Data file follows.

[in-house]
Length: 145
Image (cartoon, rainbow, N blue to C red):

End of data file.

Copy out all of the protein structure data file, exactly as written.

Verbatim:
[in-house]
Length: 145
Image (cartoon, rainbow, N blue to C red):